‘Murica – Part 2
Monday at the office the enormity of the problem became obvious beyond a shadow of a doubt. Ronald could count the walking wounded: Derrik Nika, director of sales and advertising – a chubb. Louis Arella, secretary to the president – a pot-bellied blimp. Vincent Bolugulu, director of accounting – a great yellow whale seeking a sea of soda. But that’s not all – many more, from junior execs to sales floor workers to bright and young yet cherubic interns were all fat, all bulging, all gorging themselves in an orgiastic lunchtime feast of pastries, untoward portions of sugared coffee creamers, and overly rich salad dressings.
It all hit him, this pathos of public fatness, as he sat at his desk watching the security cams luridly displaying the Walpurgis menagerie of human obesity, turning and shifting about him like a liquid gyre of calories.
He thought to himself: We’re were all going to die here, each and every one of us, stuffed with sweets until our little blessed hearts stopped ticking. No less than the miners, This Great Nation’s office workers are killing ourselves with Santa’s own cookies. We’re nibbling our way open graves.
It was then he took action. First he got in contact with Lucy Miller, VP of human resources – officially One of the Last Thin People around, who unlocked the door for him to touch base with Brandon Wisebell, North America Market Coordinator of the Professional Christmas Ornament Merchant’s Association. Slowly, bit by bit, he won their agreement, and then their sacred trust, in creating a radical new plan for corporate weight loss. It was already clear was going to be far bigger than one corporation in the Biz, far bigger. Lowstadt was thinking national – thinking global! Weeks of hard work, late nights at the office, early mornings at the gym, and an entire new-company wide drive to get associates to lose weight later – he received a knock at his door from no one less than Barbara Wertzog, directress of the International Obesity Taskforce (she was thin as a squirrel and had abs like an iron bar – before you ask).
She didn’t say hello, but launched right into it: “You’ve got quite the fantastic idea there – Ronald. We’ve thought about it long and hard – using market-based solutions to defeat this obesity epidemic– but you have really put the rubber to the road and hit the nail on the head with this proposal – you really set the place on fire!”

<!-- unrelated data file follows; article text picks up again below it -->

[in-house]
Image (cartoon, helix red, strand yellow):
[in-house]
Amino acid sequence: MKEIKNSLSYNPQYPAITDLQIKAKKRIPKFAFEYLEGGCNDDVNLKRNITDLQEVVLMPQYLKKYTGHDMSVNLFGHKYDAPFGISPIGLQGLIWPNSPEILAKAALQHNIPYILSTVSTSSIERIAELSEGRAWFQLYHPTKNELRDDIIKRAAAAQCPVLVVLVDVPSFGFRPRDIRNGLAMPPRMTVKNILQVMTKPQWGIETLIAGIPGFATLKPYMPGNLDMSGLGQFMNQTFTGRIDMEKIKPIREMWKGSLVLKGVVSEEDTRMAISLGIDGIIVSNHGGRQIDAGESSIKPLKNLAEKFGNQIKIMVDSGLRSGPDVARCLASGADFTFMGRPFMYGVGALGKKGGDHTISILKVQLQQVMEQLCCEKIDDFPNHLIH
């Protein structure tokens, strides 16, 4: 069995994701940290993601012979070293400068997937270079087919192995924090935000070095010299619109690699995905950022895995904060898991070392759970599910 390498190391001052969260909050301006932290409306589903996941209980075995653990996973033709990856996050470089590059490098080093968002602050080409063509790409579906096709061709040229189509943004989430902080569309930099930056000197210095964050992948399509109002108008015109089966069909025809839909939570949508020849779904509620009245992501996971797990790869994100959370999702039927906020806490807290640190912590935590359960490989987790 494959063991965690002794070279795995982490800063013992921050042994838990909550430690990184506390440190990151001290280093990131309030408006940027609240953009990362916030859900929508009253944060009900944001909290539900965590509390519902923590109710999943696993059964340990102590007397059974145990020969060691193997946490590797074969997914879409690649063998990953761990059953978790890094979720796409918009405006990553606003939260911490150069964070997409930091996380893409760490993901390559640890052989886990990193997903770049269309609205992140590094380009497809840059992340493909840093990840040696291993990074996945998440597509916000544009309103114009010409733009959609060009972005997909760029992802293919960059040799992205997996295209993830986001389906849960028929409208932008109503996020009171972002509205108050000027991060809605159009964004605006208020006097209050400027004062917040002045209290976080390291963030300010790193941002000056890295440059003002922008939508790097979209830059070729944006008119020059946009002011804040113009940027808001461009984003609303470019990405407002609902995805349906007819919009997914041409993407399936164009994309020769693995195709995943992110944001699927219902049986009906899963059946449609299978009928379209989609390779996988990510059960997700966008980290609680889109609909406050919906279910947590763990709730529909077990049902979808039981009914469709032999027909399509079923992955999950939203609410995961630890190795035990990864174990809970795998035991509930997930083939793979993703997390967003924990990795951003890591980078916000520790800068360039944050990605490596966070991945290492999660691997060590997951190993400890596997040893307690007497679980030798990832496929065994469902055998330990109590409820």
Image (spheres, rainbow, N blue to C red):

“Thank you Ms. Hertzog,” Lowstadt replied, putting his hand to his left knee and feeling like a combination of a Star Trek Captain and Jersey City Pimp. “I never do things by halves. I’m ready to pull the trigger on this.” He made a shooting motion with one hand.
The two of them, one in pants suit and the other seated, with his suit jacket on, looked exactly like an illustration from a “LEARN ENGLISH FOR BUSINESS!” book popular in Paraguay and taught widely in schools there, though they would never know this.
Ms. Hertzog Continued:
“I’m sure you won’t miss your mark! Please, if you would, tell me more about this program of yours. I’ve heard it’s gotten real results. Even The Economist featured you as a ‘health entrepreneur.’ ”
“It’s simple, really,” Lowstadt answered as he leaned back in his black leather office chair, “all we had to do was divide associate pay in two – one currency for consumer spending, and another for food related expenses. Employees are evaluated on their weight if their BMI is over 32 – with incentives for our good losers and salary adjustments for the backsliders. We also hired an occupational nurse to keep track of weight loss in the factory.”
“What’s the nurses’ name?”
“Slips the mind,” answered Lowstadt.
Fame was not done with this man.
Six months later, the Christmas Ornament Community’s trade magazine The Frosted Ball, named Lowstadt its no. 1 super guest of honour at the yearly soirée held for anyone-who-was-anyone in Ornz Biz. While at the party, Osborne Naft, his assistant, asked him what was his philosophy of Christmas Decoration Product Sales and Marketing. Just what is the secret of a Christmas God? Lowstadt, perhaps drunk on far too much eggnog, or perhaps even drunk with the increasing success of his anti-fatness campaign, answered him with a frankness that a later shocked him in more sober moments: “Osby. Oz boy. Ozboy. I am going to tell you something about Ornament sales – Ornz sales. Basically they are like middle class housing development crack. Get pair of 40-ish parents hooked on a few Mickey Mouse Collectable bulbs, and you’ve got em’, you’ve got em for life. Mid-life crisis to Grave.” Lowstadt swaggered out of that party, right after looking at Ozboy’s shocked face, and he didn’t care one bit.
His proudest day though, was the day that the Senate called him to testify on the incredible success of his market-stimulated weight-loss programme. Employees had literally shit out tonnes of their useless extra fat, making them moderately more attractive.